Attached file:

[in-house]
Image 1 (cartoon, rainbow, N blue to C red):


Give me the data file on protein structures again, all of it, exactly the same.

[in-house]
Image 1 (cartoon, rainbow, N blue to C red):